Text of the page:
There are times when nonsense upon stilts is just not a strong enough description of a logical position:
The proliferation of internet-enabled private GP services has made a trip down Harley Street passé. Fast access to a general practitioner only needs a mobile phone. No need to wait weeks for an NHS appointment — these companies promise instant relief. The catch is, of course, that the customer pays: appointments tend to cost between £40 and £60.
This might still seem pleasantly convenient. You can shop around — we get takeaways, clothes, and sexual partners after browsing online, so why not choose the look of your GP? But these companies are hammer blows to the stability of the NHS.
That's right, private supply of a service undermines public supply because, well, because something.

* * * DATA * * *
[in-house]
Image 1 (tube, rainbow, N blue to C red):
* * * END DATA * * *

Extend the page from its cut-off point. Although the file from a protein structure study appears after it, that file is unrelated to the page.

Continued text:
As with baking bread for private sale undermines the Soviet Bread Service.
Apparently the solution is that all should pay more tax in order to pay more to GPs so that none would want to work for such a private service. Err, yes, and there were were thinking that medical students were generally drawn from the brightest among the population.
One more thing we'd just like to add. Dr. McCartney is aware that GP services in the UK generally are private sector businesses? The NHS contracts with said private businesses-thus the complaint about private business arrangements is more than a little odd, no?